Backpack Safety

Ensuring bookbags donít cause harm.

Every morning, more than 79 million students across the United States cram multiple textbooks, school supplies, lunches, gym clothes and electronics into backpacks and journey off to class. Researchers report that backpacks can weigh more than 40 percent of a child’s body weight. Imagine a 60-pound child carrying a backpack that weighs 24 pounds.

Heavy loads can cause low back pain, which often lasts through adulthood. According to the U.S. Consumer Product Safety Commission, in 2010, nearly 28,000 strains, sprains, dislocations and fractures from backpacks were treated in hospital emergency rooms, physicians’ offices and clinics.

The amount of time carrying a bag, the distance walked, inadequate distribution of weight in the carryall and poor placement of items are all contributing risk factors for discomfort and possible injury. Other common side effects include fatigue, muscle soreness, musculoskeletal pain in the lower back, respiratory problems, brachial plexus lesion— damage to the network of nerves that sends signals from the spine to the shoulder, arm and hand— and winged scapula, or shoulder damage.

The risk of injury is so great that the American Occupational Therapy Association is raising awareness of the danger by marking the third Wednesday of September as National School Backpack Awareness Day. On this day, thousands of students, educators, parents and health professionals hold backpack weigh-ins, checkups, activities and special events.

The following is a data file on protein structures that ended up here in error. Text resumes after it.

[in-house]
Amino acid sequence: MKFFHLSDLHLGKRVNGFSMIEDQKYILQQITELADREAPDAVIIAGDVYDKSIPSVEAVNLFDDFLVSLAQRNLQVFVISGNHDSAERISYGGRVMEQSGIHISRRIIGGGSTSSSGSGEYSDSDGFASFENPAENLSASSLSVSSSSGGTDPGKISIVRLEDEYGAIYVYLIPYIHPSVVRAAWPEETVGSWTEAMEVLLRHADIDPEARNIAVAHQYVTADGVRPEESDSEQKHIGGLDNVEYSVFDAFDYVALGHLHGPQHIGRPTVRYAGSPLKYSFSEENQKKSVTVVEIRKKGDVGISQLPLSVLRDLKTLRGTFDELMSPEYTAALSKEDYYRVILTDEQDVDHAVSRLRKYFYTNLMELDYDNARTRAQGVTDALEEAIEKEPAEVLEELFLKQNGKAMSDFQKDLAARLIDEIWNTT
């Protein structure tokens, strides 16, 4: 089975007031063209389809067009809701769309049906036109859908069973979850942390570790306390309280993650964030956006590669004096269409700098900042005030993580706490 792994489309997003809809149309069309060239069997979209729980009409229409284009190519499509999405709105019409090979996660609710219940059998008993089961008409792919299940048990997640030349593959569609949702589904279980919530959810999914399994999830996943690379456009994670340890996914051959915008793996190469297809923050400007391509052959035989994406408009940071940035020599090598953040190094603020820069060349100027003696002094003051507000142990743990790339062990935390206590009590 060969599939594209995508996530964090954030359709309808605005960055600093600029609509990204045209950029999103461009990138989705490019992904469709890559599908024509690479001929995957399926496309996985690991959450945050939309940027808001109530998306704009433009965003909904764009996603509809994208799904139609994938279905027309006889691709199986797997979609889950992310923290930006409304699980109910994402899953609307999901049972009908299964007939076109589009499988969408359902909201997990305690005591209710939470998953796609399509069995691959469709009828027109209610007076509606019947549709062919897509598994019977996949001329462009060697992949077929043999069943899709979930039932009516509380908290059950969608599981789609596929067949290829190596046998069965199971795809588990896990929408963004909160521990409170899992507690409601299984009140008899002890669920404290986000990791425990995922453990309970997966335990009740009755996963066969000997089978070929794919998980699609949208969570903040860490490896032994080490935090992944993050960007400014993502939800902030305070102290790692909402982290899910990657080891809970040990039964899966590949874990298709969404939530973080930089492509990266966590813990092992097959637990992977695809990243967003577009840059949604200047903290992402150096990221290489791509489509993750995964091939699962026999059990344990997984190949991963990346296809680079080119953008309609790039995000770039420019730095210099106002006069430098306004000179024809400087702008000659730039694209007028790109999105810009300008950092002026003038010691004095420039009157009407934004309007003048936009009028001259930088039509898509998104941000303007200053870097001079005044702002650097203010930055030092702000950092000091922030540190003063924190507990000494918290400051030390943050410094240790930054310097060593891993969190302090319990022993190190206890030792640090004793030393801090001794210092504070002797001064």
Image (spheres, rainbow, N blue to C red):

Luckily, preventing discomfort and pain is simple. Heed the following advice to keep kids safe while toting materials to and from school.

Choose the Correct Size

When shopping for a new backpack, look beyond the hot pink color or Spider-Man design and opt for one that’s the correct size for your child. The height of the bag should extend from approximately two inches below the shoulder blades to waist level, or slightly above the waist. This positions the load on the strongest part of the back. Ensure shoulder straps and the back of the backpack are well-padded. Also, look for bags that have chest and hip straps for added support.

Ensure Comfort

The heaviness of the backpack is not the only thing contributing to comfort. To maintain proper spine alignment, always wear straps on both shoulders to evenly distribute the weight. Load the heftiest items closest to the child’s back and balance materials so the child can easily stand up straight. Encourage your young scholar to use chest and hip straps— if the backpack has them— to improve balance and take some strain off sensitive neck and shoulder muscles.

Check the Inside

Make sure the child’s backpack weighs no more than 10 percent of his or her body weight. Remember this as the 10-percent rule. If it’s more, determine which supplies may stay at home or at school each day to lessen the load. For example, pack empty water bottles to fill at school.

If the backpack is still too heavy, consider a bookbag on wheels. Some school districts encourage these types of bags, whereas others do not. Therefore, be sure to check with your school’s administrators before making a new purchase.

Important Backpack Points for Students

  • Buckle chest and hip straps.
  • Adjust above your rear.
  • Wear backpack straps on both shoulders.
  • Avoid packing unnecessary items.
  • Pick padded shoulder straps.
  • Arrange items by weight— heaviest to lightest.
  • Carry empty water bottles to school.
  • Mind the 10-percent rule.